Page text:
On Sunday, the Vikings travel to Detroit, where the Lions will be playing their second game with Jim Schwartz as their head coach. On Sept. 27, Minnesota's home opener comes against San Francisco and head coach Mike Singletary, who was promoted to the head post midway through the 2008 season. Last Sunday, the Vikings' regular-season opener came against Cleveland and Eric Mangini, who is in his first year as the Browns' head coach.
What the coaching carousel means is that the Vikings are having to prepare for what the players and coaches call "unscouted looks," plays they haven't seen on film from that team before. That meant different things on each side of the ball Sunday in Cleveland.
The Browns' offensive playbook was what the Vikings were expecting, according to CB Antoine Winfield.
"They did everything we saw on film. I think they would have been a little different if they would have put (Derek) Anderson in, a little more experience," said Winfield, who attended Ohio State and had 130 friends and family members attending the game on his dime. "But with Brady Quinn, it was surprising that they ran all the same stuff they ran in preseason. It was a pretty easy game for us in the back end."
It was the philosophy employed by the Browns that surprised Winfield, who said he was told by Braylon Edwards that the game plan for Cleveland was to run at the Vikings … even with a defense that ranked first against the run each of the past three seasons.
But when the Vikings were on offense, it took them some time to adjust to what Cleveland was doing on defense. That was especially true when it came their use of nose tackle Shaun Rogers, who didn't play at all in the preseason.
"It took us a minute to (adjust), not having seen Shaun Rogers in the preseason," Vikings coach Brad Childress said. "You know what kind of player he can be. They utilized him a little bit differently. Just trying to figure out how they wanted to utilize him took us a minute to kind of calibrate."
That made the biggest difference for center John Sullivan, who was not only responsible for the calls along the offensive line but also had to take on the 350-pound Rogers.
"They showed us a lot of stuff on tape that we hadn't seen in the preseason, which I'm sure was no mistake. I'm sure they just weren't putting it out there. But the coaches made some great adjustments, especially at halftime and we came out – 24 points in the second half I believe is pretty solid," Sullivan said.
"Shaun didn't play at all during the preseason, but we saw a lot more movement out of the nose guard this game than we had seen the entire preseason. I don't know if that was because Shaun was in there and he's a quicker guy, but there was a lot more going on with the defensive front than we were anticipating."
Childress said Rogers was actually playing off the line of scrimmage more than the Vikings had projected, and then the Browns blitzed more often.
"We anticipated them going to blitz with some of the blitzes they gave us, but pretty much they gave it to us on every down. They were trying to get an extra guy in an extra gap, whether it was a free safety late, or a strong safety late," Childress said.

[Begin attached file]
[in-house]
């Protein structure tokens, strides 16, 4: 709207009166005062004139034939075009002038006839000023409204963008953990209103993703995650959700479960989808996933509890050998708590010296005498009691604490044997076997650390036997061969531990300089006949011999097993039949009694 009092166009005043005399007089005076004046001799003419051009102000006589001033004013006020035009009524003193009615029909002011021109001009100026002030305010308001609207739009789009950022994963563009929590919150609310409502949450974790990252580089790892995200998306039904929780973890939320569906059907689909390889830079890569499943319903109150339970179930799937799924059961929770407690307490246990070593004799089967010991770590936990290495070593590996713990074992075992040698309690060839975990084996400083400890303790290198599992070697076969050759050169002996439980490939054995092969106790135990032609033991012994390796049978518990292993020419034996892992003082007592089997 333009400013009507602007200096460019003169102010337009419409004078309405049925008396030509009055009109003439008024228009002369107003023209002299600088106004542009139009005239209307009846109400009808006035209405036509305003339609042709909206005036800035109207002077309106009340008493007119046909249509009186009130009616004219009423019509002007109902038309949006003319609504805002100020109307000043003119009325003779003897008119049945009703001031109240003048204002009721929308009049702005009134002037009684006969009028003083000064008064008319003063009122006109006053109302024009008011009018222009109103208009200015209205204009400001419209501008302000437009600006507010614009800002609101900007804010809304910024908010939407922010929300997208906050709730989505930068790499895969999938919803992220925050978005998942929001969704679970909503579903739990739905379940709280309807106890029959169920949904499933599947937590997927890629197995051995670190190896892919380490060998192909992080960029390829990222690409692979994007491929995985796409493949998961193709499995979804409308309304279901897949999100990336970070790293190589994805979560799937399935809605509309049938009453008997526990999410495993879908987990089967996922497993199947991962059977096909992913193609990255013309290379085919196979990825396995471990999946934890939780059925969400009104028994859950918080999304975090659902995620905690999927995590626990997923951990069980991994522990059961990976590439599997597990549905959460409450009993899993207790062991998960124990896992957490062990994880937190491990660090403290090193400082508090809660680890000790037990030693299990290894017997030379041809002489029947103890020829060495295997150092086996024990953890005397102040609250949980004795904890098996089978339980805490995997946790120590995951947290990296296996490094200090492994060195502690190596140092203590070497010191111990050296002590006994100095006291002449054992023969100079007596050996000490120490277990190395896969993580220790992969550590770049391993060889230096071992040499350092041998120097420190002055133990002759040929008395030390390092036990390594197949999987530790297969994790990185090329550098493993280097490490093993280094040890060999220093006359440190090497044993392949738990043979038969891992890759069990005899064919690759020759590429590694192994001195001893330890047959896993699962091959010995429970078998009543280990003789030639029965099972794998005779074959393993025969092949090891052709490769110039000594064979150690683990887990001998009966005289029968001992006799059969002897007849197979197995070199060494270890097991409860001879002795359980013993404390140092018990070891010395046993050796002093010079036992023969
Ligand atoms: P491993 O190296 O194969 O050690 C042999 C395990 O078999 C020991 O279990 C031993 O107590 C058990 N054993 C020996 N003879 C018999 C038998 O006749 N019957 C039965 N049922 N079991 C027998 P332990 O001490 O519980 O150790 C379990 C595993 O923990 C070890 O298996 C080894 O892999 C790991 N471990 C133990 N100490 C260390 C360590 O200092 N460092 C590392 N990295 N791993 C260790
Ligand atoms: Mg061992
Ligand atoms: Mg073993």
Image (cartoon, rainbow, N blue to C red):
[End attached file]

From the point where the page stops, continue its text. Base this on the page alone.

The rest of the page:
Sullivan was making his first start in the NFL and drew the unenviable dual task of mentally trying to diagnose the Browns' unscouted looks and physically trying to hold down the point of attack against Rogers. Sometimes, however, Sullivan got a break, at least on the physical side of things.
"There was some weird stuff like (Rogers at end), but there is nothing that a team can do that we haven't seen at some point, so we're prepared for everything," Sullivan said. "The coaches say that all the time: Be prepared for unscouted looks because you can only practice certain things during the week. There is only so much time. I think we were prepared really well."
They will need to continue that trend for the next two games as they face teams with relatively new head coaches as well.
ANOTHER GOAL-LINE STAND
The Vikings defense has been building a reputation as stout against the run for three years now, but their ability to make goal-line stands seems to be more frequent the last year. It happened again Sunday against the Browns after a pass interference penalty gave the Browns first-and-goal at the 6-yard line.
"Holding them to three points with that goal-line stand was huge," Childress said. "(There were) a couple of great efforts on the third-down play by both Kevin Williams and Ray Edwards to stop that thing."
On first down, Jamal Lewis rushed for 3 yards, but the Browns tried to get tricky with WR Joshua Cribbs taking the direct snap on each of the next two plays that netted only 1 yard.
"Any time you can get a goal-line stand, I think it's big for your defense and momentum. That way you're taking away momentum from their offense and putting it back with your team," Edwards said. "In that way, the goal-line stand was big."
"Any time you can hold their top two receivers … to 22 yards, you got a chance to win most of those games," Childress said.